It's a principle that's drummed into reporters from the day they start their careers: confidential sources always stay secret. But what if revealing a journalist's sources could help solve a crime? Or help catch dangerous terrorists?
That was the question at the heart of the case of Suzanne Breen a journalist in Northern Ireland who refused to co-operate with police after they demanded she hand over notes and other materials relating to a terrorist attack in March that killed two soldiers. Over a month after the high-profile case was first heard in a Belfast court, a judge ruled in the journalist's favor on June 18.
A prominent investigative reporter in Northern Ireland, Suzanne Breen received the phone call from the Real IRA claiming responsibility for the murder of two British soldiers at Massereene army barracks in March an attack that stunned Northern Ireland and stoked fears of a return to the sectarian conflict of the past. Two days later, a policeman was killed in Craigavon, County Armagh the first police officer to be shot dead in the province in 12 years. And a series of low-level disturbances in April petrol bombs, hoax devices, car-jackings showed that dissident republicans, although small in number, remained intent on disrupting life in post-conflict Northern Ireland.
The Police Service of Northern Ireland (PSNI) are under increasing pressure to clamp down on terrorist splinter groups such as the Real IRA. But so far, only one person has been charged with the murders at Massereene barracks. Just over a month after Breen's article describing the call she received from the Real IRA appeared in the Dublin-based Sunday Tribune, of which she is Northern Editor, Breen received a letter from the PSNI, requesting she hand over notes, photographs, her cell phone and other records relating to the attack, in order to advance their investigation. Breen refused to co-operate, citing her right not to disclose her sources. Furthermore, she said she would face "a real and immediate threat to her life" from the Real IRA were she to comply with the police request.
Breen's case was not the first time that a reporter in Northern Ireland had locked horns with the police over their sources. In 1971, as the province entered the bloodiest period of its 25-year sectarian conflict, BBC reporter Bernard Falk was jailed for refusing to provide the police with details of an interview he carried out with an IRA spokesman. Over twenty years later, journalist Ed Moloney published a controversial interview with a member of a Protestant paramilitary group (and police informer) who had been accused of the murder of a Catholic solicitor. The paramilitary-turned-informer told Moloney that he had in fact alerted police officers to the murder plot, but that they had failed to act to prevent it. Moloney refused to comply with a police request to hand over his notes. The case against him was eventually dropped.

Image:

Speaking outside Belfast's Laganside Courts after Thursday's judgment, Breen's editor, Noirin Hegarty, described a journalist's protection of his or her sources as "an absolute value, not a convenient principle." But what swayed the Belfast Recorder Tom Burgess was the risk to Breen's life. In his ruling, Judge Burgess said complying with the police request could lead to "a breach of [Breen's] right to life under the European Convention [on Human Rights]" "The Real IRA have killed, and attempted to kill, for much less. During the attack on the soldiers at Massereene barracks, the gunmen shot and seriously wounded two men delivering pizza to the barracks. Their crime? Collaborating with the British army, which, in the eyes of dissident republicans, made them legitimate murder targets. "Handing over this material would make me a target for immediate assassination", said Breen in her defense hearing last week.
The PSNI said in a statement it would accept the decision. "Nevertheless, the investigation into this atrocity remains active and ongoing. Police will continue to endeavor to use every possible legal means to access information which may assist their inquiries."
But questions may now be asked in Northern Ireland why public money was spent on attempting to force a journalist to breach the confidentiality of her sources, not least by the journalist herself. "I am perplexed as to why the police wasted time and resources in taking this case", said Breen outside court after the judgment. That's a line of enquiry Breen and other reporters may be keen to follow.